What do we know about the three preferred positions of the Atlantic jet stream? What about other jet streams?
The northernmost position of the jet stream is basically downstream of the tip of Greenland. The central one is where one conventionally thinks of the jet stream, at about 45 degrees North, and the southern one is around 38 degrees North. We focused our analysis in the winter, which is kind of an interesting period in the North Atlantic, because it’s pretty active. And that’s when the vortex in the stratosphere can split or become displaced, as well, and these events seem to impact only the Atlantic jet stream.
There’s a jet stream in the Southern Hemisphere that pretty much goes all the way around the globe. And in the Northern Hemisphere there are two distinct jet streams: one over the Atlantic, one over the Pacific. The Pacific one is a bit more boring than the Atlantic one; it doesn’t exhibit any of these preferred positions. It actually doesn’t vary all that much. But the Atlantic one does, and we really care about it because people live on both sides of it. Understanding something about how much it’s changing and why it looks like it does is really important to human lives, and potentially sub-seasonal prediction.
Tracking a superstorm
Days before the landfall of Hurricane Sandy in 2012, forecasts of its trajectory were still being made. Some computer models showed that a trough in the jet stream would kick the superstorm away from land and out to sea. One of the earliest to project its true course was NASA’s GEOS-5 global atmosphere model. The storm caused 159 deaths and $70 billion in damages on the East Coast of the U.S. (NASA Earth Observatory image by Robert Simmon with data courtesy of the NASA/NOAA GOES Project Science team)
What did you learn about Greenland?
It turns out the northern peak in Greenland is what is known as a tip jet. People in, for instance, aeronautics know all about tip jets. There’s this flow that impinges sort of the edge of Greenland and there’s a downstream acceleration of flow. So what was thought of as a regime – a preferred position where the jet wants to be – is just a consequence of Greenland.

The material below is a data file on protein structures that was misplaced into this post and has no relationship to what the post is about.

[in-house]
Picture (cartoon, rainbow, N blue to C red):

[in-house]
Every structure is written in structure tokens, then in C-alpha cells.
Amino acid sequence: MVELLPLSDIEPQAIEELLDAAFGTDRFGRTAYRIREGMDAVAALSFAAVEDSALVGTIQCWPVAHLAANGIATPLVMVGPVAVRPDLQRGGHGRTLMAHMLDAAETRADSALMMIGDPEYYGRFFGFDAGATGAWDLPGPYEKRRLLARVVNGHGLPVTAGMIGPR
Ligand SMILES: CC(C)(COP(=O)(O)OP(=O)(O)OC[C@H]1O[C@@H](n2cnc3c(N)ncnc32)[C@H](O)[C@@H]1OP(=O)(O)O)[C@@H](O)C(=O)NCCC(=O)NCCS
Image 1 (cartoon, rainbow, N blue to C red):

So we flattened Greenland and we got rid of it. We picked up Greenland and moved it north, and the tip jet moved north. And all of those things convinced us that this northern position is just a physical consequence of Greenland being where it is.
Who would use this information?
Seasonal to sub-seasonal forecasting people would be interested in this – and anyone who’s trying to prepare for floods or snowstorms. Particularly in bad winters, knowing what latitudes the jet stream is preferentially in would be valuable information. And then climate models, of course. Because most climate models don’t get these three positions.
The obvious question there is: Why don’t the models get them? Because they all have Greenland. And the answer seems to be that they do have Greenland, but they don’t model strong enough winds at the latitude of Greenland, and so they don’t get this peak. I think anyone who’s developing a climate model would like to know that.
Sheshadri is also a center fellow, by courtesy, at the Stanford Woods Institute for the Environment. Study co-authors are affiliated with the Barcelona Supercomputing Center and the University of Washington.